A product input is any substance which is necessarily consumed in the creation of goods and the delivery of services. This includes:

1. Ingredients or components required to manufacture a physical good, which either end up embedded in it or are used up (e.g. a catalyst) during its production.

2. Consumable substances which are required to provide a service (e.g. detergents and paints used by a commercial decorator).


We define a project as follows:

A project is a non-revenue generating activity. These range from single targeted interventions through to ongoing programs of work, either led or supported by the company.


We use the definition from The Ellen MacArthur Foundation: [204]

Recycling is the process of recovering materials for the original purpose or for other purposes. The materials recovered feed back into the process as crude feedstock. Recycling excludes energy recovery.

This definition describes recycling of technical materials only (as opposed to biological materials) which is why energy recovery is excluded.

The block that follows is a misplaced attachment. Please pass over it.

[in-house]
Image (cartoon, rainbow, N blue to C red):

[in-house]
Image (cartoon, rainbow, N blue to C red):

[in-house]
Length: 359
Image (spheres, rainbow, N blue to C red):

We use the definition from The Ellen MacArthur Foundation: [204]

A process of returning a product to good working condition by replacing or repairing major components that are faulty or close to failure, and making ‘cosmetic’ changes to update the appearance of a product, such as cleaning, changing fabric, painting or refinishing.


We use the definition from The Ellen MacArthur Foundation: [204]

Remanufacture denotes the process of disassembly and recovery at the sub-assembly or component level. Functioning, reusable parts are taken out of a used product and rebuilt into a new one. This process includes quality assurance and potential enhancements or changes to the components.


We use the definition from The Ellen MacArthur Foundation: [204]

The use of a product again for the same purpose in its original form or with little enhancement or change.

Scope 1 and Scope 2 GHG emissions

The Greenhouse Gas Protocol defines Scope 1 and Scope 2 GHG emissions as follows:

Scope 1: Direct GHG emissions from sources owned or controlled by the company.

Scope 2: GHG emissions from the generation of purchased electricity consumed by the company.


We follow the OECD in defining a subsidiary as follows:

A subsidiary is a company controlled by another company. Control occurs when the controlling company owns more than 50 per cent of the common shares.